If you are self-employed, Universal Credit will provide support to help you grow your business.
To get this support you will need to be able to show that:
- self-employment is your main job or your main source of income
- you get regular work from self-employment
- your work is organised – this means you have invoices and receipts, or accounts
- you expect to make a profit
If you can show all these things you will be considered to be ‘gainfully self-employed’. If you can’t show all these things you might have to look for other work if you are to keep receiving Universal Credit.
Universal Credit: How much you’ll get
If you are gainfully self-employed whilst claiming Universal Credit you will not be expected to look, or be available, for other work. This will help you to concentrate on making your business a success.
However, it will be assumed that you are earning the same amount as someone like you who is in paid work. This will usually be what someone of your age would earn if they worked at the National Minimum Wage for the number of hours that you are expected to work or look for work. This amount is called the Minimum Income Floor.
If you already have a claim, Universal Credit will contact you about these changes before they happen.
If you earn less than the Minimum Income Floor, Universal Credit will not make up the difference. You may need to look for additional work to top up your income.
If you earn more than the Minimum Income Floor, your Universal Credit payment will be based on your actual earnings.
The Minimum Income Floor will not be applied for up to 12 months if you are newly gainfully self-employed. This is known as a start up period, and during it you won’t need to look, or be available, for other work. But you will need to show that you are taking steps to build your business and increase your earnings when you talk to your Work Coach.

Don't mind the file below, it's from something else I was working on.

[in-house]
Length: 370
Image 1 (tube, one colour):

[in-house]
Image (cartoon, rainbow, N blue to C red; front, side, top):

You must report any earnings from self-employment to the Department for Work and Pensions every month.
For more information see Universal Credit for the self-employed
If you are gainfully self-employed your business assets will not be taken into account when you make a Universal Credit claim. Nor will they be considered when we work out how much Universal Credit you are entitled to. Business assets include things like machinery, premises and cash held in your business account.
Surplus earnings and losses
If you are self-employed and claiming Universal Credit, earnings or losses from one month can be taken into account when working out how much Universal Credit you receive in a later month.
If you earn more than £2,500 over the monthly amount you can earn before you receive no Universal Credit payment, you are said to have surplus earnings. The amount of earnings above the £2,500 threshold are the surplus earnings and will be taken into account in the next monthly assessment period. This may reduce the amount of Universal Credit you receive in later months, or perhaps mean that you can’t get any Universal Credit payment in those months.
If you make a loss in one month, the loss will be stored and taken into account in months when you make a profit. If the profits are not high enough to fully cover a loss, the remaining loss will be carried forward to the next month when you make a profit. A loss will stop being taken into account once all your losses have been accounted for or your self-employed business ends.
If you are gainfully self-employed and subject to the Minimum Income Floor, that will still apply even if you make a loss. In months where you make a loss, your Universal Credit payment will be calculated based on your Minimum Income Floor.